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Kathleen Lane v. andrew Lane


April 16, 2012


On appeal from Superior Court of New Jersey, Chancery Division, Family Part, Bergen County, Docket No. FM-02-2135-04.

Per curiam.


Argued February 16, 2012

Before Judges Fuentes, Graves and Koblitz.

These back-to-back appeals, which we consolidate for purposes of this opinion, arise from post-divorce litigation involving the time-sharing and custody arrangement for the parties' three children. The father, Andrew Lane, Jr., appeals from a June 14, 2010 order denying his request for six months of sole custody while the children are enrolled in the Family Bridges Program for alienated children. Instead, the motion judge ordered the children to engage in therapy with a psychiatrist selected by the judge. The father also appeals a February 1, 2011 order, which enforced the June order by requiring the father to participate in family therapy with the designated psychiatrist and enforced the parties' agreement of the right of first refusal regarding parenting time in the parties' divorce agreement. The father further argues that any remand should be sent to a different judge.

At oral argument we were informed for the first time that the court-appointed psychiatrist was no longer involved with the family. We also learned that the case was now assigned to a different judge*fn1 who signed an order on October 18, 2011, directing the family's prior evaluator, Dr. Sharon Ryan Montgomery, to investigate the father's allegations of parental alienation and "make any further recommendations she deems appropriate."*fn2 At oral argument we were told that Dr. Montgomery plans to interview the parties and other collateral sources. In light of the new developments since the time of the orders now before us on appeal, we dismiss this appeal to allow the trial court to review Dr. Montgomery's report and hold a plenary hearing should the need for one arise.

The parties married on June 26, 1993. They divorced eleven years later on October 28, 2004. Three children were born of the marriage in 1995, 1997 and 2000. The Property Settlement Agreement (PSA) required the father to pay at least $110,000 to the mother annually, of which $80,000 was designated as alimony to continue for ten years, and the remainder as child support. Depending on his bonus payments, this support could increase up to a total of $150,000 per year, with $109,300 allocated as alimony and $40,700 as child support. At the time of the agreement, the father worked as a bond trader with an average annual income of $270,000. The parents agreed to share joint legal and residential custody of the children, spending equal time with the children. They also agreed to "the right of first refusal to care for the children should either party need childcare during his or her parenting time for [four] hours or more."

The parties and children initially appeared to adapt well to this shared custody arrangement. In 2006 the mother, Kathleen Lane, began cohabitating with Allen Cohen. Pursuant to the PSA, the mother's cohabitation "automatically trigger[ed]" the father's right to seek a decrease in alimony, which he did in March 2007. The mother cross-moved for an increase in child support. On May 16, 2007, the court granted the father's application to terminate alimony retroactively to March 1, 2007, and required the mother to reimburse him $9108.33. The court also denied the mother's application to increase child support. She then married Cohen in July 2007.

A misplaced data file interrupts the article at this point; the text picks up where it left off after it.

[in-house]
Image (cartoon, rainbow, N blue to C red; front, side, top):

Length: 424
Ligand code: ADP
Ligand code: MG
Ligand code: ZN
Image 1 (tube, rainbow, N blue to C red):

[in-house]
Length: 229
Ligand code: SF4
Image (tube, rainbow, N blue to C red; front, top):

With the mother's remarriage and the dramatic reduction in financial support from the father, the shared custody situation deteriorated. The father alleges that the mother and her new husband, upset about the reduced financial support, engaged in a campaign to alienate the children from their father. The mother alleges that after the father lost his job in late 2007, and the mother remarried, he focused his frustration on the children and "instituted an overly harsh, disciplinarian parenting style that the children were unfamiliar with."

By consent of the parties, Dr. Sharon Ryan Montgomery was appointed on June 4, 2008, to conduct a "best interest evaluation regarding parenting time and custody." Also by consent, the father's overnight parenting time was suspended in the same order. Both parties were also directed to "refrain from making disparaging remarks about the other party in the presence of the children or discussing any litigation matters with the children."

A family therapist and a parenting coordinator were appointed on August 25, 2008. See Segal v. Lynch, 417 N.J. Super. 627, 631 (App. Div. 2011), certif. granted, 207 N.J. 190. By consent, on September 26, 2008, a different therapist was appointed. A December 15, 2008, consent order directed the parties to work with this therapist and the parenting coordinator to facilitate a reasonable overnight parenting time schedule for the children with their father pending Dr. Montgomery's report. After the father's aborted trip to Boston with the children, the details of which are in dispute, the motion judge, in a February 6, 2009 order, denied both the father's application to sanction the mother and the mother's application to replace the parenting coordinator and require the father to engage in weekly psychotherapy and report his attendance at the sessions.